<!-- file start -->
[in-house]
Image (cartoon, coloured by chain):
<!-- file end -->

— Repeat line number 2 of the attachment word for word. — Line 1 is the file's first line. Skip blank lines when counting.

Image (cartoon, coloured by chain):